Once again eyeing the complicity of Japan, the book Eyewitness: The Amelia Earhart Incident (Thomas E Devine author) asserted that Earhart and Noonan were captured alive after crashing on Japanese occupied Saipan Island in the Northern Marianas archipelago. The book included eye witness testimony of Earhart and Noonan’s execution, a revelation that was echoed in 1990 via a televised witness interview on the NBC-TV series Unsolved Mysteries.

The captive theory gained a bit more ground when a former US Marine revealed he had found Earhart’s breifcase in a Japanese military safe on Saipan. A former US Marine wireless operator stated he had decoded a message from US naval officials that the plane had been found at Aslito Air Field and that he had been present when the plane was destroyed.

The small island of Tinian bearing five miles from Saipan, was pinpointed as the final resting place of two unmarked graves bearing the remains of Earhart and Noonan. However, a scientific search of the region recovered no bones and failed to locate the described graves. As for the ‘eye witness’ accounts of the executions, no further corroboration has been forthcoming to support the claims, while the photographic proof of the captive Earhart have proven to be fakes or snaps taken prior to her flight.

If the rumour of Earhart’s execution did not ring true, there would be even less evidence to support the hypothesis that she had been forced to make propaganda radio broadcasts as Tokyo Rose. And venturing even further into the realm of amazing allegory, a friend of Earhart’s reportedly travelled to Japan as a journalist and discovered files (which later disappeared) about the missing Earhart. In 1965, a retired Air Force office concluded that Earhart had actually been located by her friend and secreted her back into the US where Earhart assumed a new identity and lived out her life in silent obscurity.

The ‘second live’ theory was posed again in the book Amelia Earhart Lives (1970 Joe Klaas). This version details how Amelia Earhart returned to the US, changed her name, remarried, moved to New Jersey and was known as Irene Craigmile Bolam until her death in 1982. The real Irene Bolam, a former New York banker, sued the publisher for $1.5 million in damages and provided lengthy evidence that she was indeed not Amelia Earhart.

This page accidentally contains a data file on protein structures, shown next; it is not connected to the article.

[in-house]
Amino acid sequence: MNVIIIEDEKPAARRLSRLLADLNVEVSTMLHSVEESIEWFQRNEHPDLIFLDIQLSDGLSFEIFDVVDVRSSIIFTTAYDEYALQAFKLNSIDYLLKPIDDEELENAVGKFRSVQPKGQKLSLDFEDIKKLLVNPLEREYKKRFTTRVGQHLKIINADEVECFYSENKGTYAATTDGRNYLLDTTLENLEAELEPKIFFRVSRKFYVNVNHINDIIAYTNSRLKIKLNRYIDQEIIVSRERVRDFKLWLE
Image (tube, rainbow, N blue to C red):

Betting On A Hunch

What has become the most probable theory with ongoing investigations focuses on Gardner Island – now Nikumaroro, the Phoenix Islands, Kiribati. Working on the information from the final transmission, Earhart and Noonan may have flown on the 157 / 337 heading and set down on a shallow reef. This theory does require the aircraft had more than the estimated 30-minutes of fuel on board to reach the uninhabited island 350 miles southeast of Howland Island.

The Gardner Island theory does have some substance. In 1940, a British colonial officer reported finding a ‘skeleton… possibly that of a woman’ and an ‘old-fashioned sextant box’ under a tree on the island. The remains were sent to Fiji for examination in 1941 and determined they were the bones of a stocky man. In 1998, a reassessment of the forensic data suggested otherwise. The bones had irionically vanished since the initial examination, but detailed measurements and notations provided forensic anthropologists sufficient information to declare the skeleton to be a ‘tall white female of northern European ancestry.’

The International Group for Historic Aircraft Recovery (TIGHAR) has done extensive archaelogical studies on the island and discovered notable artifacts. The size nine heel of a Cat’s Paw shoe, similar to the shoes seen in the photos taken before her final takeoff from Lae, New Guinea, has been dated to the 1930s. Improvised tools were also discovered, plus a two-foot-square scrap of aluminum aircraft skin, and a piece of Plexiglas matching the curvature and thickness of an Electra windshield and a15-inch-long piece of baseboard from a civilian aircraft cabin.

The most recent TIGHAR expedition to Nikumaroro concluded on 2 August 2007. Significant recovered artifacts included bronze bearings which might have belonged to the Electra, a zipper pull, possibly from a flight suit and a range of items with ‘as yet uncertain origin.’

Legend Larger Than Life

Amelia Earhart was 37 years old when she vanished from the skies. The legend and the mystery have survived her for nearly 71 years. Whether she died near Howland Island on the morning of 2 July 1937, or survived for an unknown time as a castaway on a rugged island, her real fate may never be known. And that might not be such a bad thing as we tend to forget the accomplishments of brave adventurers unless they are shrouded in doom and disaster. Charles Lindbergh’s daring might have passed silently into record with the last of his generation if it had not been for the kidnap-murder of his infant son. If not for the great unsolved mystery surrounding Amelia Earhart’s final flight, today she might have suffered the same footnote in history as John Alcock and Arthur Whitten Brown.

scroll to top